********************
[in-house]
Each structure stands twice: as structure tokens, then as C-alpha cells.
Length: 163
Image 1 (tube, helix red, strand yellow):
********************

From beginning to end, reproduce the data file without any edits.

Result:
[in-house]
Each structure stands twice: as structure tokens, then as C-alpha cells.
Length: 163
Image 1 (tube, helix red, strand yellow):